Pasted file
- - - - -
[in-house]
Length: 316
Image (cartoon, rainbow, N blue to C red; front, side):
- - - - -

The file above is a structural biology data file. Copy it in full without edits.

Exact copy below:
[in-house]
Length: 316
Image (cartoon, rainbow, N blue to C red; front, side):